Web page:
Activities: Multi-day activities and tours are expensive, generally costing $180-250 AUD or more and day trips will still cost you about $120-190 AUD. E.g. A day trip to the Great Barrier Reef can cost $200 AUD, while a 2 nights sailing the Whitsunday Islands can cost upwards of $430 AUD.
Accommodation: Hostels cost around $25-38 AUD per night for a dorm room. Private rooms with a double bed and a shared bathroom in hostels range between $70-110 AUD per night. Or if I am brave camping costs between $15-25 AUD per night for a spot that can either be for a car or tent.
Again these tips from my previous blog post about budgeting for New Zealand will again be helpful and relevant in Australia:
- You can cook your own meals or cook with a group when staying in a hostel kitchen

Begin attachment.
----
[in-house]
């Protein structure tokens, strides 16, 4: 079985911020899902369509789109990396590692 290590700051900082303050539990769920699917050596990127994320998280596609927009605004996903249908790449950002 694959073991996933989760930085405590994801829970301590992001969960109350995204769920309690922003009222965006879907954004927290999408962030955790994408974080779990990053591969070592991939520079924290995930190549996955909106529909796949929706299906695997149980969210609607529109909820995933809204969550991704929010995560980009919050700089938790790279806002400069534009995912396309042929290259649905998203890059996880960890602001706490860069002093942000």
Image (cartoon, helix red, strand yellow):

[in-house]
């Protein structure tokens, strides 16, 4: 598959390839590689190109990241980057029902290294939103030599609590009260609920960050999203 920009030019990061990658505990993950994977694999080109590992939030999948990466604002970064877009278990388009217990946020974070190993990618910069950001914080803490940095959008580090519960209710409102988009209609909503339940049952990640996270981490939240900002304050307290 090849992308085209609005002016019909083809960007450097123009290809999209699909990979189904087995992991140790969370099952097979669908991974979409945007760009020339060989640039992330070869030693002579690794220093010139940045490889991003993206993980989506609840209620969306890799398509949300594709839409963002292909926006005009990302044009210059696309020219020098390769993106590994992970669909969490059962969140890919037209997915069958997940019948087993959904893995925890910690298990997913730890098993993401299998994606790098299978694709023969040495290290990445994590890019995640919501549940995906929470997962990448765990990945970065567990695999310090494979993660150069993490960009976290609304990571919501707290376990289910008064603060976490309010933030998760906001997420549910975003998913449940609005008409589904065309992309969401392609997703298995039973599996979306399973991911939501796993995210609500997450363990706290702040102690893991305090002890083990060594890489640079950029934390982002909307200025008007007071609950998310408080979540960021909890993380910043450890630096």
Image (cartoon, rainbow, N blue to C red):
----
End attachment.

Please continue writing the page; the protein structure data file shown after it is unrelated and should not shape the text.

- Sometimes hostels will offer a cooked meal in the evening so take advantage
- Take advantage of all the free activities on offer!
- Ask drivers of buses and locals where the best places to eat are and the best!
- When you do buy food make sure you get it from big supermarkets rather than the smaller stores
- Put a limit on the alcohol spends whilst you are out in the pubs and bars
The best way to travel East Coast Australia
There are lots of ways to do the East Coast but the most efficient and fun way to do it is by road trip. It’s also budget-friendly, but of course requires more effort, as you are doing the driving and not someone else. Finding used cars is very easy and common in Australia.